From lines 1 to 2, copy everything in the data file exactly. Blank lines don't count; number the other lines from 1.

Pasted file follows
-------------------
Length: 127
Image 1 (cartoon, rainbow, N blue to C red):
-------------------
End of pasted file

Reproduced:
Length: 127
Image 1 (cartoon, rainbow, N blue to C red):